Plain Bob is a method more suited to even numbers of bells; the “long fifths” in Bob doubles happens because there is one bell left over from the dodging pair.
Grandsire is a method devised for ringing changes on odd numbers of bells, usually with a covering tenor on six or more bells.
Look at Grandsire doubles in your “Diagrams” book. The path of the treble, shown by a red line, is plain hunting. 2, also shown with a red line, plain hunts as well, following the treble; it is “coursing” the treble. (Also see page 5.) So Grandsire has two hunt bells. One of these is always the treble, but the extra bell “in the hunt” might be any one of the other bells; however, in the “Plain Course” (that is, until bobs or singles are called,) the “hunt bell” is always 2.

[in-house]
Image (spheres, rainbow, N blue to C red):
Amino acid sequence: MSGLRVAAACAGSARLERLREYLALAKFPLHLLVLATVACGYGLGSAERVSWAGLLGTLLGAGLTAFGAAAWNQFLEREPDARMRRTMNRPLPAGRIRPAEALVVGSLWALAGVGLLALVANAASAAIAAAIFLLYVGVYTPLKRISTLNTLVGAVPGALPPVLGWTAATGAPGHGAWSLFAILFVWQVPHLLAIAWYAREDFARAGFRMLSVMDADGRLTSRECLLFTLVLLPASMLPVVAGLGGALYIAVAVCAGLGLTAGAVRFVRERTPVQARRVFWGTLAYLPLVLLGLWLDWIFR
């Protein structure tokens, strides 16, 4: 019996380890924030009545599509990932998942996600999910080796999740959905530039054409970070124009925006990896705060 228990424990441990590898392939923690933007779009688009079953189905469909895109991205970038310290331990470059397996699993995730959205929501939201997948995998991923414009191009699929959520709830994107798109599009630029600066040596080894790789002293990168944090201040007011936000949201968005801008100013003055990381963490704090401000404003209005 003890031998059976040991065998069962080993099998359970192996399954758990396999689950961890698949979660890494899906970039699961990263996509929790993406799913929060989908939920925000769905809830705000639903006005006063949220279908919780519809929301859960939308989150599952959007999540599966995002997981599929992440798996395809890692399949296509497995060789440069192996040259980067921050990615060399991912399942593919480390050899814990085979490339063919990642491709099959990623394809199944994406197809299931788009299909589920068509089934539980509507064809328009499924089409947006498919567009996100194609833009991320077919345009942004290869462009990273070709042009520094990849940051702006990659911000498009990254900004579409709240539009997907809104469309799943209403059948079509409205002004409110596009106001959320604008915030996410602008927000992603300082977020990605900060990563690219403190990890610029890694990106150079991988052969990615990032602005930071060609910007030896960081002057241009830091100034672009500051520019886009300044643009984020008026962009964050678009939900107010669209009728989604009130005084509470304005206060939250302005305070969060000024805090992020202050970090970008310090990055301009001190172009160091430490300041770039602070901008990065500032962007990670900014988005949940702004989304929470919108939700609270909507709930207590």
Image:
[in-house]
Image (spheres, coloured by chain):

The rules for ringing the plain course of Grandsire are similar to Plain Bob, but:
- The bell that is turned from lead by the treble makes thirds place over the treble and the hunt bell, then hunts down leads again.
- Because thirds place is made instead of seconds place, the dodging is moved ‘up’ one place compared to Plain Bob, so the dodging is now in 4-5 instead of in 3-4.
For more information, please read the rest of the article (provided by Introducing Grandsire Doubles.):
If you would like more help then the following articles are also useful:
|Cheat Sheet||Detailed Sheets||Touches / Calling||Quiz / Worksheet|
|Grandsire Doubles||detailed explanation|
|Grandsire Triples||detailed explanation|